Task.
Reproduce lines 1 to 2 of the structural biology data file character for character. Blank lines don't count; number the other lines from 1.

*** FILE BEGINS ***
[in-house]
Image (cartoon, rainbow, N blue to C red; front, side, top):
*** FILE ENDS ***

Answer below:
[in-house]
Image (cartoon, rainbow, N blue to C red; front, side, top):